Lesante Cape is split into three areas: entrance with a water feature like an Amanzoe-lite, which has the gym, spa, kids club (quite ironic that it was so hard to get to with a buggy) and the main restaurant, with the playground and tennis court to the side, then their mini Mama Mia type Greek village square, with a coffee shop, church, museum, boutique, games room and even a shop for essentials like olive oil.  Besides the cliff edge are the three pools, including an adults-only, with a pool bar, restaurant and fine dining option.  There’s also steps down to a private pebble beach.

With the small number of rooms and three pools, even after two days of piss-poor weather, when the sun came out, it never felt crowded, and there were plenty of beds.  The pools are very easy on the eye, and all the surrounding areas are beautifully put together.  The sparseness of the little village area brings the place down a bit, like the half-empty games shop and the museum having zero text anywhere, so I suppose you’ve to make it all up yourself.  It must be one of those new QAnon-type museums where nothing is real.

The spa and gym are directly beneath reception, with a pool (that should have been heated, but it was broken) that stretches outside.  There’s also a sauna, steam room, hair salon and a spacious gym, with good equipment from cardio to strength using Matrix equipment.

The small details are what make you realise it’s not the high end.  The unique codes needed to access the internet, random pipes hanging the ceiling, wires hanging out, switchboards visible, posters on the spa floor, and a staff member driving around on a motorbike whilst smoking all show it’s not quite there.  And it wouldn’t take much to get there.  It kept reminding Lucie of her days at Cafe Royal – 90% there, but that 10% is a long reach.  To go that extra length is often more work than the previous ninety.  You can see the materials aren’t quite as good, and the focus not as great, but, as I must keep emphasising, the price is 2-3x less.

I was worried when they suggested lobster for dinner (I’m allergic) and served alcohol for welcome drinks (I don’t drink alcohol), but it’s more common than not that hotels screw this bit up.  The service was a pleasant surprise.  There were a lot of families here, and they seemed well-trained to deal with it.  In fact, some wonderful people were working here.  The room setup was good, including children’s toys.  From the first breakfast, we were recognised by name; the front office manager provided a WhatsApp number to communicate, check in with us, and organise whatever we needed; the restaurant manager always made everything easy for us; the head chef walked around checking in.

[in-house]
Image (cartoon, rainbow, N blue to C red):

I was impressed that they knew our preferences from the first meal, with sparkling water immediately brought over for Lucie and a homemade squash for myself.  Everyone was lovely to deal with and really on it.  The only person whose English wasn’t great was at the Kids Club, but she said whilst, under fours needed supervision as they weren’t that busy, she could look after her.  So she’s my favourite person.  Ever.  But when someone knocked on our villa door and immediately walked in to refill the minibar and woke up our baby, they became my least favourite person ever.

I enjoyed the food, although I wished more than one restaurant was open for lunch.  The food prices are acceptable, and the quality was good, but €22 for pasta from the kid’s menu just annoys me and will until the day my kids eat more than 3% of what’s served.  During evenings they sometimes had classical music from a cellist, and once a week, have Greek night, which should have been in the village square, but the weather turned on us, so it moved indoors.  All the same, I enjoyed it when it’s usually the thing I’d avoid at all costs, but here the cost is small.

Breakfast offered a good buffet selection with minimal daily changes and lots of cakes – they know many Brits come here.  A la carte has about ten items, including local dishes.  Chefs would come to our table, offering dishes to try.  It was all well choreographed, except one morning when everyone must have lived it too large the night before, as everything took ages.

The Good

  • Food
  • Service
  • Unique facilities
  • Views

The Bad

  • Not always five-star luxury

The Luxurious

  • Great value for money




With only a single flight a week to Zakinthos on British Airways, I only came here because I didn’t want to stomach seven nights at Porto Zante.  As it turns out, it was a good decision.  For my target audience, it’s probably not for you, but for those looking for a deal, it’s certainly worth a look.  It doesn’t feel cheap, but you’re not going to feel like you’re in a Brunello Cucinelli store, either.  It certainly isn’t at the level of Porto Zante.  It’s the type of place I can see myself returning to in years to come when I have no money left, as I spent it all on getting this blog readership levels beyond three people.

But, ultimately, Lesante Cape is an absolute bargain.  €2,000/n for a two-bedroom villa in Greece is cheap, my friends.  Please don’t tell the Daily Mail I said that; I don’t want my house firebombed.  We were well looked after, well fed and even well watered from the poor weather.  Overall though, a pleasantly surprising good stay.

Room type: Two Bedroom Villa Sea View with Private Pool When: May 2023 Rates: from €2,000/n

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Tom Cahalan

Written by Tom Cahalan on 16th Jun '23

Dorsia Travel’s co-founder Tom Cahalan’s take on travel is reliably candid. Here’s his take on what’s good, bad, and luxurious.